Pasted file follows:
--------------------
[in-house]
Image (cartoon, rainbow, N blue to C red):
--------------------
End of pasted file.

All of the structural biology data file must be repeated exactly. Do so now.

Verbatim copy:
[in-house]
Image (cartoon, rainbow, N blue to C red):